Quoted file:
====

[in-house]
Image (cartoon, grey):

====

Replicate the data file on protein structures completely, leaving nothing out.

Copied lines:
[in-house]
Image (cartoon, grey):